No Sh!t Allowed in the App Store? Oh Please!
Everyone’s entire iPhone experience is controlled by Apple. Ditto for iPad owners.
Good thing Apple is never mistaken about what a user wants. I am awed by Apple’s ability to know not only what I want to do today, but whatever I might want to do in the future.
Steve Jobs Doesn’t Want Sh!t In His App Store, And Neither Do I
That’s the title of a blog post I saw go by recently. The author is a UI guy, and goes out of his way to praise Apple for their commitment to high-quality UIs, trotting out the old “Mac-like” concept as a precursor for good. To wit:
Steve Jobs wants Apple to be the arbiter of quality in the App Store, denying apps that are ugly, poorly-thought, lame, explicit or featureless. He can’t say that in the Terms and Conditions so instead they’re using carefully-worded language that excludes certain technologies associated with the kinds of apps he doesn’t like. Steve Jobs doesn’t want sh!t in his App Store. If you’re a developer who may be interested in building sh!t, there’s another platform right down the street.
Speaking from the point of view of someone who wants to build beautiful, high-quality apps for the iPhone and iPad: if you’re too lazy to learn how to build iPhone-like iPhone apps using Apple-supplied tools then get the hell out of my App Store, too.*
Isn’t that some mainlined arrogance? The App Store is the lillied preserve of fabulous apps built by maestros of user interface design.
Apps Like iFart.
Really? The App Store is There to Ensure Quality?
Are you going to argue that App Store of 150000+ apps is all about quality? How many fart apps are there again? If the point of the App Store is quality, why are there thirty-seven apps for every use? A billion flashlight apps?
I’ve purchased seven different Twitter apps — isn’t one of them best? (Actually, yes, Twittelator :-)) Why are the others allowed?
I’ve got five Google Reader apps — MobileRSS is the best, so why not throw the others out?
How many weather apps are there again?
If you think Apple’s control of the App Store is about quality, you’re lost in a fog of aluminum unibody construction fumes.
If you think Apple’s control of the App Store is about quality, where is Google Voice?
All told, I’ve downloaded over two hundred apps — I have some experience climbing through the App Store. And let me tell you, it is rife with sh!t. And Apple cares only lightly about the quality of apps. Just look in iTunes.
Lots of Sh!t in iTunes — All For Sale
Apple doesn’t exert any of this control over Movies, music, and TV in iTunes, do they? Nope. As long as they get their cut, you can sell what you want.
- Violent movies? Please buy them!
- NSFW language? We got tons of that!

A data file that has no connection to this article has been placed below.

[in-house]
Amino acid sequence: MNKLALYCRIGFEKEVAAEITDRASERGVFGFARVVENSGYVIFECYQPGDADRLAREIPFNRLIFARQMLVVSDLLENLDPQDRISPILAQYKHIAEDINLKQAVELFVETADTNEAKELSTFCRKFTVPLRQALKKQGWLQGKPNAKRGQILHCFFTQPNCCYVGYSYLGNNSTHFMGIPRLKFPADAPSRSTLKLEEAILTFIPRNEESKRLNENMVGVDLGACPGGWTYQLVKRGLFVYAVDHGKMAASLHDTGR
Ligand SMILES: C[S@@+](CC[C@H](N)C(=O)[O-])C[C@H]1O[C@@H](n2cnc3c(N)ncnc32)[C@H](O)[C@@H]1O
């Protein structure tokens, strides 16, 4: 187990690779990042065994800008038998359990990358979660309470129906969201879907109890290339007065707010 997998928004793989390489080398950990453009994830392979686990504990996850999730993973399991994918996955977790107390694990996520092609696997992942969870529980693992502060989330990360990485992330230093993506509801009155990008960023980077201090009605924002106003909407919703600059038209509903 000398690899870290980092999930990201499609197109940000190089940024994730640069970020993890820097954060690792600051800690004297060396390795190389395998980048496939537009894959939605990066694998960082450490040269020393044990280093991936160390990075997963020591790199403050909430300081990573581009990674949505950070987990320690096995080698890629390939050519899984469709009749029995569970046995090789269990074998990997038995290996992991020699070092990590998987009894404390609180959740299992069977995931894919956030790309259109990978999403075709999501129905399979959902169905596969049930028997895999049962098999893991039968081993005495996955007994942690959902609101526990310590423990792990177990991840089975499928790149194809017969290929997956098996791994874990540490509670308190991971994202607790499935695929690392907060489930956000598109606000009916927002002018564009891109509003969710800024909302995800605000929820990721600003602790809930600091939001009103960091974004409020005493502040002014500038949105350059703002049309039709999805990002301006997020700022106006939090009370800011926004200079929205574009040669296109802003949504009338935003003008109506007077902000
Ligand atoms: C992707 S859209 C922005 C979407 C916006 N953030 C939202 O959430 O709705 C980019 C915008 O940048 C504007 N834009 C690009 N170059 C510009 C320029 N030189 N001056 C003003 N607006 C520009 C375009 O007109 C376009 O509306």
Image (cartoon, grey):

- Crappy movies? Crappy songs? Crappy TV? We got TONS, and we are happy to sell it to you!
Apple could give a sh!t about offending your taste in iTunes, and in fact, they could give a sh!t in the App Store too. Hell, I haven’t checked, but my Most Hated Movie of all time is probably for sale in iTunes. And that should be a crime.
All this talk about quality, tastefulness, protecting the children, and the sweetness of dancing koala bears is just disingenuous BS.
Apple Exercises Relentless Control of the App Store Because It Wants To.
They don’t do it for any reason that benefits the customer. They do it solely for themselves.
Apple decided they could make more money with this level of control. Period.
That’s ok, and it is their right. When I bought a 3G, and then a 3GS, I understood what I was getting into. Their bat, their ball, their ball field. I get it. That’s part of why I’ll be going Android next year. (A much bigger reason is the fact that the iPhone is such a decrepit phone. I really need my phone to, ah, make calls. The iPhone is the least reliable phone I have ever owned, across Sprint, Verizon, and AT&T, encompassing a bunch of handset manufacturers.)
I could list the myriad of ways Apple’s control stifles the platform, how the iPhone experience has soured me on Macs, how Apple’s horrid, bloated, behemoth iTunes drove me to Amazon for digital downloads, but that is not relevant.
Everyone understands that Apple has complete control of the whole ecosystem. We get it. Don’t dress it up in some rose-colored pursuit of quality. That makes it sound like you think of your users as idiots who need hand-holding. It makes developers feel special, and leads Apple to patronize their users. But it has nothing to do with quality.
That idea, not to put too fine a point on it, is sh!t.
Same with Apple’s new, pathetic mandate that you have to use their tools. Apparently just ignoring the virtual certainty that someone might come up with better ways to build iApps. Apple is not doing this to ensure a higher quality of app; Apple is in it for the money. They want it to be hard to build a single app for both Android and iPhone. Really, is using Xcode going to make your app great? Quoting again:
Using Xcode and Objective-C are not surefire ways to build decent iPhone apps, and using “meta-platforms” and other languages are not surefire ways to build crappy, non-Apple-like iPhone apps. Are they indicators about how much passion someone has for the iPhone platform and building quality iPhone user experiences? In my experience the answer is yes.
Because it is just so easy to measure passion. What’s the unit of measure there?
Apple just wants to make money. Ascribing any other motivation is just stupid.
*The sh!t misspellings are mine, since this is an Apple-related post. Can’t have vulgarity in an Apple-related post — that would violate the App Store guidelines. Or Steve Jobs’ sense of smell. Or something.